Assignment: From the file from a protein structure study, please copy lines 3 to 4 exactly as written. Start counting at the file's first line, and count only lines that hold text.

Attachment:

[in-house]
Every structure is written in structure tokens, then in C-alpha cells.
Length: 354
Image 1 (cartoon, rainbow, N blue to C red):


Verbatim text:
Length: 354
Image 1 (cartoon, rainbow, N blue to C red):